Sustaining skills in a post-Covid world: a vision for the future

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In the second part of our series on sustaining skills in a post-Covid world, we take a look at how a post-Covid recovery will draw upon rebuilding business functions, and how candidates need to be leading the pack in the exit strategy. 

Today, we are being presented with a host of new opportunities. We know that there is great importance in enhancing and developing your skillset as a candidate moving into a newly formed working environment, and how to be attractive to employers who have reassessed their needs.

As such, a marginal yet growing increase in employer confidence will see businesses begin to re-invest in their hiring strategies and take steps to unlock the economy in their field. A continued stagnancy in talent acquisition can’t be afforded, especially when workloads strengthen and the need for talent is re-ignited.

Recognising opportunity here is key. In a post-Covid recovery, companies will want to draw upon rebuilding and repositioning, and candidates need to make themselves attractive to the new vision and requirements. This should be viewed as an opportunity for professionals to re-invent themselves and actively contribute to innovation in their sector.

The widening talent pool

When it comes to the recruitment process, the responsibility to restart this is usually that of the internal hiring manager. They are facing new pressures today, as businesses take another look at what they need to reposition and rebuild their workforce, wanting to source the best talent from a rapidly growing pool of potential candidates. Companies that are looking to exit from this crisis in a successful manner will be taking steps to attract and hire the best talent.

The skills required from these candidates will not necessarily change, but certain skills will be more vital now and sought after by employers. It is necessary for individuals to adapt in order to position themselves in the best light to future employers.

However, it is important to assess your own skill set and expand and develop this as required. Companies may have explored skills mapping as a way to identify what they need from a new hire, taking into account the nature of the projects, clients and accounts that they are working across. This will ensure that all jobs across a business are necessary to it running efficiently. 

Therefore, candidates today need to take the time to re-evaluate the skills they have, making use of online training, webinars and workshops to boost their offering to a potential employer. Although candidates should evaluate their own skills to see where improvements should be made, there are three core areas that will be in demand in a post-Covid world:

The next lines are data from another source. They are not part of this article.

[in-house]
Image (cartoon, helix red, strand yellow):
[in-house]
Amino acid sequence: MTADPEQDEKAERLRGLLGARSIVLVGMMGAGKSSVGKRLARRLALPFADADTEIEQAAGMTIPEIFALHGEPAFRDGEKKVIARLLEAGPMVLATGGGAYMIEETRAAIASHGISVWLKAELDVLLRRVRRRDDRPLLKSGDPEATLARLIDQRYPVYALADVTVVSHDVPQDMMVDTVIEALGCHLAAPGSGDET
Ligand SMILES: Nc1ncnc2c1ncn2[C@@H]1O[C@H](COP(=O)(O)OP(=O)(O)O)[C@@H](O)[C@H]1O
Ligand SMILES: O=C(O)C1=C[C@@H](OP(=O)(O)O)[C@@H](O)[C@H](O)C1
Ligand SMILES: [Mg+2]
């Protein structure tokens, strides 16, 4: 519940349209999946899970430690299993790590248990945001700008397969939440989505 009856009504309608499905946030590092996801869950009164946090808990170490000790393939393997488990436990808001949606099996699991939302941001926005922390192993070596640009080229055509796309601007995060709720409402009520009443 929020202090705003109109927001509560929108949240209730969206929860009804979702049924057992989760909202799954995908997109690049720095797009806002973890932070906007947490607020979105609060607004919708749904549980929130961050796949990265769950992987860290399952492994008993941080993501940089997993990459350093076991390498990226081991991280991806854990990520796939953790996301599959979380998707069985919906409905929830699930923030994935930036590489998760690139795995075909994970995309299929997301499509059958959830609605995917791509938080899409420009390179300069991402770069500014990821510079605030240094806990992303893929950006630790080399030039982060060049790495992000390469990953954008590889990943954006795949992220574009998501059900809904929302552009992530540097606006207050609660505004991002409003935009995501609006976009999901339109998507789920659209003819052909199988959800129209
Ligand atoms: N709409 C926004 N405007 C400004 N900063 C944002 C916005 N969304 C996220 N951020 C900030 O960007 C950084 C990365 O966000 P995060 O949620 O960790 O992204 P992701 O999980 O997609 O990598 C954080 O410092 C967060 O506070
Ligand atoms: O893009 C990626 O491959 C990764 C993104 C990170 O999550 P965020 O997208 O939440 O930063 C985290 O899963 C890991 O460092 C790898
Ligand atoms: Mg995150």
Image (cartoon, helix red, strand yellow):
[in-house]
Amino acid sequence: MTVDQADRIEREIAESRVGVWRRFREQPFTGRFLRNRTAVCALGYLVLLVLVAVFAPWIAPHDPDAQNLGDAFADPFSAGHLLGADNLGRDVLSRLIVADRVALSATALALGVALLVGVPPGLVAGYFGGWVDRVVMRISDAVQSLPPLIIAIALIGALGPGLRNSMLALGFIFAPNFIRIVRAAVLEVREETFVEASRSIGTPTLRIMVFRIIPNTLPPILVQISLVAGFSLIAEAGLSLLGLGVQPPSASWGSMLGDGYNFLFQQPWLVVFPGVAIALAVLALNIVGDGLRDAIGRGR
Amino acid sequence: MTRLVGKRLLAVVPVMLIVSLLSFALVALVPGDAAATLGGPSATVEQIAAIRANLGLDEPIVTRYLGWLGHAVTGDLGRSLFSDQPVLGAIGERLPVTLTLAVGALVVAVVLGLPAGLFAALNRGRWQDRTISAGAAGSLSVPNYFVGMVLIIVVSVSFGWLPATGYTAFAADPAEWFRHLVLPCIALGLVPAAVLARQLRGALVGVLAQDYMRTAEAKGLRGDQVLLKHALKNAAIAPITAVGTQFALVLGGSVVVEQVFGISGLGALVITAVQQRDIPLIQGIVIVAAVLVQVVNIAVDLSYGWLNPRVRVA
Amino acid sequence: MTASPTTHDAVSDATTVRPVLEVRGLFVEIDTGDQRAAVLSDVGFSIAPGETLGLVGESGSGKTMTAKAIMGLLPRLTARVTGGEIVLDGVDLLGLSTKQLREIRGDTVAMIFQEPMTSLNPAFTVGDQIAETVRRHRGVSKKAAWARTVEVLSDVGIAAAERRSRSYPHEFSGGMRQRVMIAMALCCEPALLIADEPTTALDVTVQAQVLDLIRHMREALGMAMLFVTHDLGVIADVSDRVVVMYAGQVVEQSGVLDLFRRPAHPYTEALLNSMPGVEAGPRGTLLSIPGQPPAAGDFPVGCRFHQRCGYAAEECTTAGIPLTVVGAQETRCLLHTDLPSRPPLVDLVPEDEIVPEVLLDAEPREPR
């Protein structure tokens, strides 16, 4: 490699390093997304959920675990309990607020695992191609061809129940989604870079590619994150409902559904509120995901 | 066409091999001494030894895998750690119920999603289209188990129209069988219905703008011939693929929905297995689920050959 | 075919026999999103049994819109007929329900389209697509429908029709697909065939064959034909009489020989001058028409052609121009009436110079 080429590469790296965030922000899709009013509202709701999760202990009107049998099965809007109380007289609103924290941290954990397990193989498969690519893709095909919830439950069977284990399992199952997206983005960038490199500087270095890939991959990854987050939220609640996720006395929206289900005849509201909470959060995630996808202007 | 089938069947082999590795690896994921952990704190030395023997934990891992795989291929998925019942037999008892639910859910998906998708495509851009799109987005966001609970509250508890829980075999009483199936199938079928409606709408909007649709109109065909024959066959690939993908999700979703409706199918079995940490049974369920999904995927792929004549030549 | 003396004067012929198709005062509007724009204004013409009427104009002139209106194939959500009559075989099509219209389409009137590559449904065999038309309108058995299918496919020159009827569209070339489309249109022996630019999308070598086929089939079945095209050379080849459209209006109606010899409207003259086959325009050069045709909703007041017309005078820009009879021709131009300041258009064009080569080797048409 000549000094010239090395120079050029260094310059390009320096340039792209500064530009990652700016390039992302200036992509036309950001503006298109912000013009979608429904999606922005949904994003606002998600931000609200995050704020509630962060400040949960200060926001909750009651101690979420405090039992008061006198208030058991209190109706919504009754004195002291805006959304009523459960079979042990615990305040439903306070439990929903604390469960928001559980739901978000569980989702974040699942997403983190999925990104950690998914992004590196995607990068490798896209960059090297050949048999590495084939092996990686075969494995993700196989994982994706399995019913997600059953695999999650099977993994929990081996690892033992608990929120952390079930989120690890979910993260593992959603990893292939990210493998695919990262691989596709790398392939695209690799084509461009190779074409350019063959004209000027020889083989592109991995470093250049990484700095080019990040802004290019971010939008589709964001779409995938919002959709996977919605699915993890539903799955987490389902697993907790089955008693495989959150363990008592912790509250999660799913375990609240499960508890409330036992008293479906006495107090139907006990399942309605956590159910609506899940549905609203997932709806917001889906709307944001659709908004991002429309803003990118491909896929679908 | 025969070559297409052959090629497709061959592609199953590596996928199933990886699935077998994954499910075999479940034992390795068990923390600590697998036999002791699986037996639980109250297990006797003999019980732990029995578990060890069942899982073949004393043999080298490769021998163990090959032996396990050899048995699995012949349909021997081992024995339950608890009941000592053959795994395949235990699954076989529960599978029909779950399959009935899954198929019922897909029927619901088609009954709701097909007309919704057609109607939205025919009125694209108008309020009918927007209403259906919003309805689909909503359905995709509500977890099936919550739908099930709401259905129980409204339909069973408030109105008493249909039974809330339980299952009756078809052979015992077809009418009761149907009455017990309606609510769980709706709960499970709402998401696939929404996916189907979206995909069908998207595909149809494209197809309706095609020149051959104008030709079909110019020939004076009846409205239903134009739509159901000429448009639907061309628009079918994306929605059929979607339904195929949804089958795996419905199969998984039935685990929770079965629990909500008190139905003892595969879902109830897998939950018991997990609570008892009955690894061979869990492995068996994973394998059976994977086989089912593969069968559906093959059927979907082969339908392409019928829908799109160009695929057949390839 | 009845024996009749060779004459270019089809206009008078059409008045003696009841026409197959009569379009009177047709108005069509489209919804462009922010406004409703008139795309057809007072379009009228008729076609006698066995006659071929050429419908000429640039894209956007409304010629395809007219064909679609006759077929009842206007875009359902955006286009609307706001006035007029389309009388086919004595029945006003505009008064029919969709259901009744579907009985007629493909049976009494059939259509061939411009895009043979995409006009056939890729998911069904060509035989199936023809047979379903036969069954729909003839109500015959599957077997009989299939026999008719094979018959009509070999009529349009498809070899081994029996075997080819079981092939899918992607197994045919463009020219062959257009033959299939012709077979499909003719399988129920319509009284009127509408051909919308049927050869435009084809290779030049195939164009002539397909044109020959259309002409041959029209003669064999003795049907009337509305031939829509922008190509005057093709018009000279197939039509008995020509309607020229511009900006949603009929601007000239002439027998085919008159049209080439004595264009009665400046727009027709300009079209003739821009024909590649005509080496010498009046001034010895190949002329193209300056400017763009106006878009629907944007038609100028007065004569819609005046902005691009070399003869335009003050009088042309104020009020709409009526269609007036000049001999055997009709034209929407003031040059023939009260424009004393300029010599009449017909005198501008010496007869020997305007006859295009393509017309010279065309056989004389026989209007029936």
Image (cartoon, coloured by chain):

Critical thinking

The ability to make informed decisions under pressure will be a highly sought-after skill. A candidate who is able to demonstrate resilience and patience through periods of disruption will be invaluable to a business that is rebuilding, even if only on a temporary contract. As a strong leadership characteristic, critical thinking qualities position a candidate in good stead when it comes to progressing within their industry.

We are seeing examples of this take place across the engineering sector, as innovators are taking a look at the industry and making changes to the way they operate to meet new demands.

Emotional intelligence

Being aware of the vulnerabilities and emotions of your colleagues is growing in importance when it comes to developing a skill set that is advantageous in a newly formed and highly competitive jobs market.

In order to navigate through times of crisis, leaders taking a step up will need to be able to demonstrate emotional intelligence in order to support their team through periods of uncertainty. Candidates that hold this skill will be in demand and relied upon to manage future periods of change.

Furthermore, much like managing a multigenerational workforce, the new workforce will have many different needs. Working at home is great for some but difficult for others for example, while there may be tension between those who have been furloughed and those who worked continuously.

Adaptability

Ask yourself one simple question. How well have you adapted during the Covid-19 crisis? Adaptability is a core skill that professionals working across a range of sectors should value greatly.

Importantly, adaptability is not just about managing and embracing changes within the business. It is also about recognising when there is a skills gap to be filled, opportunity to support the development of other colleagues and team members and staying in tune with the jobs market.

Looking ahead

It’s clear; the time for change has arrived. Businesses are taking a fresh look at how they fulfil their core functions and project needs, and candidates are moving into a highly competitive and challenging race for positions. Taking control of that space, and becoming a valuable proposition to businesses, whether through up-skilling, re-skilling making use of learning and development opportunities or taking a leap into a completely new field, now is the time to acknowledge and embrace change.

If you’re looking to bring in the best talent to your business, or to secure your next position, get in touch
 

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